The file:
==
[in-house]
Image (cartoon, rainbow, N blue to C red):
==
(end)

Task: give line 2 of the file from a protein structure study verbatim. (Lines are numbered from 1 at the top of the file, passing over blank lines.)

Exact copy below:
Image (cartoon, rainbow, N blue to C red):